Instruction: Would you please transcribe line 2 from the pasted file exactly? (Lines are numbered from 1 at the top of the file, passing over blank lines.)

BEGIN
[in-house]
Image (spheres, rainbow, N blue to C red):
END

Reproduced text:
Image (spheres, rainbow, N blue to C red):